Why an Always-On Culture is Not Sustainable or Beneficial

Posted: 09/14/2018 - 22:00
I was recently watching a fly-on-the-wall programme about a car business. The show focused on people’s different roles and how they were trying to balance competing priorities while keeping to tight deadlines and within budget. Cut to a shot in Spain where the director of the business is on holiday. For the next five minutes we see how the director calls for an update every day. The interviewer then speaks to all of the staff who gleefully tell the camera when he has called them. Finally, the deputy director is filmed walking through the building talking about how the director likes to check-in to see ‘how things are going.’   
What is wrong with this working environment and the actions of the director? 
For me, the lack of trust by the director is astonishing. I’m assuming he has trained and empowered his staff during the time he is at work, so that he can have an uninterrupted holiday, so why does he feel the need to check in? What is most worrisome is the example he is setting for the rest of the business. I absolutely believe in leadership by example, but here he is showing that there is no downtime and a precious week abroad should be punctuated by daily calls back to the office.   
Does this mean that everyone needs to do the same? I hope not. 
Recently, Vistage conducted research among a group of CEOs and found that 50 percent fail to take their full holiday entitlement during the year. This is bound to have a cascade effect throughout the organisation, which is unhealthy for everyone involved. If you’re not yet convinced that this is an issue or worthy of the time of a C-suite executive, consider that a court recently awarded £53,000 to a French worker who was required to have his phone on at all times. 
As mobile phones, laptops and tablets have become the norm, we have created an environment in which ‘always-on’ can flourish. In too many cases, leaders have not sought to stop this happening and have enjoyed the responsiveness and access to key people outside of normal working hours. For those who have a mobile phone from their employer and are allowed to use it as their personal phone as well, this cements the ability to contact people whenever an employer wishes.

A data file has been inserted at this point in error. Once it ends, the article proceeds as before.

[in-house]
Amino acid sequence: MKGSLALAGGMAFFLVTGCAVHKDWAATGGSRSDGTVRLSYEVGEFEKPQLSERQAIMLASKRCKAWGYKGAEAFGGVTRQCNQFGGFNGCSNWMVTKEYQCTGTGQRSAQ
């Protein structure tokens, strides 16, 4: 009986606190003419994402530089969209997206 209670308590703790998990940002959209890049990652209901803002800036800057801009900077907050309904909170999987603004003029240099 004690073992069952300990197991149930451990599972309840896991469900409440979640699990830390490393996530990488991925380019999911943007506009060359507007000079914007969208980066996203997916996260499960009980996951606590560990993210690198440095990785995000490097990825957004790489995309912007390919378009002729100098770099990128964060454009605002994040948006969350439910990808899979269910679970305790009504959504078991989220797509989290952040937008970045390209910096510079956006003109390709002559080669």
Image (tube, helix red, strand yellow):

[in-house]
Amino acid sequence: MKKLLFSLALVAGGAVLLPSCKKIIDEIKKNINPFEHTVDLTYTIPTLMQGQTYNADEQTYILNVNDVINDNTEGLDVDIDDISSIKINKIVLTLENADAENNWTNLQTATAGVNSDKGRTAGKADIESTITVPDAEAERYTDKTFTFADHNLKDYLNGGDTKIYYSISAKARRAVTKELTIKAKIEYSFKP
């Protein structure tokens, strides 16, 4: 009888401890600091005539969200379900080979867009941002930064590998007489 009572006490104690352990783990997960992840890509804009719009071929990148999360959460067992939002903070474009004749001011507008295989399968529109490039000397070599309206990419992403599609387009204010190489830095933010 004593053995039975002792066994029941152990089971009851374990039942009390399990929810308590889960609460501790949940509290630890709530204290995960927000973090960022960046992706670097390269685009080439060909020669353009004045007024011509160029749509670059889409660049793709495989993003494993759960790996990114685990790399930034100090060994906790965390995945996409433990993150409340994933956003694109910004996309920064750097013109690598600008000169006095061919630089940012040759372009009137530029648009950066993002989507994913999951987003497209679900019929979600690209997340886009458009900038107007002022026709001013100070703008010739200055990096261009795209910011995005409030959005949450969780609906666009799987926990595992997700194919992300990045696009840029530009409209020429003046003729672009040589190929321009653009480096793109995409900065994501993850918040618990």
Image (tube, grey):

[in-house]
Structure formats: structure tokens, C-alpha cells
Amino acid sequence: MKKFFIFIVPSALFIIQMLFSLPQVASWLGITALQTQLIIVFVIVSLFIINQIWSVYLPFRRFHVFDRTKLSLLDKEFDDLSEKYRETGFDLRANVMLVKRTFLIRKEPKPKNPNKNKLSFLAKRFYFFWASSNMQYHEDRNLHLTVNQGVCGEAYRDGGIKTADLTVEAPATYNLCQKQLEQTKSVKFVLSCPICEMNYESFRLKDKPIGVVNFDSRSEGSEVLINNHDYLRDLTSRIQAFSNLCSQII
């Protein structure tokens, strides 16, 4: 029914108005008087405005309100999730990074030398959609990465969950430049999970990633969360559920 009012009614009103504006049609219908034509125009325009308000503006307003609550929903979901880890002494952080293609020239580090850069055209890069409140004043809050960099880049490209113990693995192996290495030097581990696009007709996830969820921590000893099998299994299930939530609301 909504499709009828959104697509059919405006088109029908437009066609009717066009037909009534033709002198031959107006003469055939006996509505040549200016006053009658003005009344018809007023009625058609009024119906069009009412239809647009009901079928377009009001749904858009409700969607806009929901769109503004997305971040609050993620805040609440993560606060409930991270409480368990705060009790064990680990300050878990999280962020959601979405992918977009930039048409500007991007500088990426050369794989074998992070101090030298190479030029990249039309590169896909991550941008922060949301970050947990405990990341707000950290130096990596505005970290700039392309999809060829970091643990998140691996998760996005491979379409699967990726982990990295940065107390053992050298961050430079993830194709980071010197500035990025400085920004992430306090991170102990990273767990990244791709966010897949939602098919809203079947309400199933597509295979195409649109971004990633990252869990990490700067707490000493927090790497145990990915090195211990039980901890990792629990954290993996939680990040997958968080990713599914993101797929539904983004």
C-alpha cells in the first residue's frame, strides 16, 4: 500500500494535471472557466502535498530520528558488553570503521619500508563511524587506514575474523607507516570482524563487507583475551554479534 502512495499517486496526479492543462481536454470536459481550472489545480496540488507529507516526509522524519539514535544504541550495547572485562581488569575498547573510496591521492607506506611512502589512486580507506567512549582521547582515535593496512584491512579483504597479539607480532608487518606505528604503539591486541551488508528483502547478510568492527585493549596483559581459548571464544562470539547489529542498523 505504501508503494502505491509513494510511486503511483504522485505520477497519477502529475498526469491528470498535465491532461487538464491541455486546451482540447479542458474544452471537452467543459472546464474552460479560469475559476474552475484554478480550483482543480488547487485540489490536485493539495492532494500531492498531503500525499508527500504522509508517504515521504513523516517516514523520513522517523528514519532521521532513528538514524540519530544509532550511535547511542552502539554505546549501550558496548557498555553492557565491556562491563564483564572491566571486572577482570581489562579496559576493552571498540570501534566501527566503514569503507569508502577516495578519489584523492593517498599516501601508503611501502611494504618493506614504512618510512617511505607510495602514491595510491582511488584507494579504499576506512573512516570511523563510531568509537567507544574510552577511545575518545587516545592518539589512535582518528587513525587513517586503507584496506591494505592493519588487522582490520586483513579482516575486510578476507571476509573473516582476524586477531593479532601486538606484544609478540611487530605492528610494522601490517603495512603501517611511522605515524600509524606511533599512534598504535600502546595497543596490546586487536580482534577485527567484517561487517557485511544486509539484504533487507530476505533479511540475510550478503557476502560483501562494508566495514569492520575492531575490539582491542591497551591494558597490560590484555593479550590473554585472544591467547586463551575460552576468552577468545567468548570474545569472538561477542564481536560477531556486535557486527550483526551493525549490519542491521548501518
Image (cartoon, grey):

The French worker described earlier enjoyed the protection of a law in France where they have the ‘right to disconnect’ from emails out of hours. As a leader, how do you feel about this in your business?   
Take a few minutes to consider what would happen if you encouraged people to disconnect: 
  • What skills and knowledge will be transferred between colleagues to support the disconnection from work?
  • Would an uninterrupted rest mean increased performance when they returned?
  • How would behaviours within the business change if the leadership team set the example?
  • Would this highlight areas that need more support to cut the over-reliance on unpaid overtime? 
Now some people may be reading this and getting slightly agitated that I’m suggesting they stop the unpaid work that happens. In fact, they have probably gotten used to this and now rely on the extra capability and agility it brings to the workplace. But what about the health risks this poses for people? Stress and mental health issues (including anxiety) continue to be in the top five reasons for both short- and long-term absences.   
In 1976, Charles Handy published Understanding Organisations, which has been used across the world by business schools, students and academics. Even at that time, Handy recognised the implications of stress and devoted pages of his book to discussing the impact this can have on people and the organisation. For the sake of clarity, I’m referring to stress as a negative effect (strain) and not a stimulating pressure that some will offer as an excuse.